Ortega Headed to Victory in Nicaragua Vote Count
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RENEE MONTAGNE, host:
And I'm Renee Montagne.
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MONTAGNE: Nicaraguan supporters of Daniel Ortega were celebrating in Managua last night. While the final tally is not yet in, it seems that the Sandinista leader has enough of a lead to avoid a run-off. With 60 percent of the ballots tabulated, he has about 38 percent, with a large lead away from his nearest rival. After meeting yesterday with former President Jimmy Carter, who is in Nicaragua to observe the vote, Daniel Ortega had this to say.
Mr. DANIEL ORTEGA (Presidential Candidate, Nicaragua): (Through translator) Let us have the will to work together to eradicate poverty in Nicaragua. And we need to give security to the private sector, give security to national and foreign investors in our country. Give them the security to know that Nicaragua wants to get better and develop its relationship with the entire international community.
MONTAGNE: That's Daniel Ortega in Managua. NPR's Lourdes Garcia-Navarro joins us now on the line from the capital of Nicaragua. Good morning.
LOURDES GARCIA-NAVARRO: Good morning.
MONTAGNE: Now, Lourdes, we just heard a little bit of the scene that sounds like it's going on there. What was it like last night?
GARCIA-NAVARRO: Well, it was really empty and quiet for most of the day. But as the tallies started coming in and it was clear that Ortega had a substantial lead, people came out into the streets in force and took them over into the night. They shouted Ortega's name over and over, they drove around Managua in pick-up trucks waving the Sandinista flag. And when Daniel Ortega showed up at the Intercontinental Hotel to meet with Jimmy Carter, he was mobbed. He could barely get to and from his car.
MONTAGNE: And in that clip we just heard, Daniel Ortega sounded pretty moderate. What more did he have to say?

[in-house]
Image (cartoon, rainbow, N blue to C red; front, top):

GARCIA-NAVARRO: Well, he hasn't really said much more than that since the statement you played at the top, but that was his first public declaration since Sunday's vote and it was very deliberate. He made a clear reference there to the business community, to the international community. This is a man who seems to want to assure the world and the entrepreneurial class that he's not going to nationalize businesses, he's not going to confiscate property; he's changed.
And that's been pretty much in keeping with his message throughout the campaign. He's met with business leaders here. He's promised to uphold free trade agreements. Ortega says that he realizes that if he's to help the poor, he needs to have economic stability. He doesn't want the prophecy of his opponents to be fulfilled. They've said that if he becomes president, no one will invest here anymore.
MONTAGNE: Well, of course, he has a long way to go, if you will, with the business community to live down his sort of former reputation. What was the reaction to his win?
GARCIA-NAVARRO: Well, most of his rivals here have not wanted to concede defeat yet. There has been a lot of bitterness, it seems to me. They've alleged fraud, even though most of the observer groups here have dismissed those claims. The fact is that 60 percent of the country didn't vote for Ortega and his party did not do substantially better in this election than they have in others that he lost. I think what worked for him this time is that the opposition was divided, fielding two candidates and splitting the vote. And, you know, the rules were changed to allow a lower margin of victory.
But for his supporters, Ortega represents someone who will help the poor. And there are a lot of poor here: Eight in 10 people live in poverty. They say, his supporters, that he wasn't given a chance to govern properly in the 1980's because of the civil war and the U.S.'s actions here. And they say they want to give him that chance now. And, you know, many of the people I saw casting ballots for him were from the younger generation, and it seems to me those people might not be burdened with the direct memories of the war.
MONTAGNE: Well, of course, he led the Sandinista government during its war with the Contras. The Bush administration has been quite vocal in its objection to Ortega. What's that all about?
GARCIA-NAVARRO: Well, that's a good question. I think there are two reasons, really. One has to do with Venezuelan President Hugo Chavez. He's been a big supporter of Ortega, and I think the U.S. wants to curtail his influence in the region. The second is that many people in government who have been making statements about Nicaragua now are the same people who were dealing with Nicaragua and the Contras back then.
MONTAGNE: Thank you very much. Lourdes Garcia-Navarro speaking to us from Managua. Former President Jimmy Carter is monitoring Nicaragua's elections. In an interview at npr.org, the former president talks about how the elections look different this time around.
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